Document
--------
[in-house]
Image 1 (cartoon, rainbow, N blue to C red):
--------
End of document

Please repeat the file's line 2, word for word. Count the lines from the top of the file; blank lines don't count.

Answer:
Image 1 (cartoon, rainbow, N blue to C red):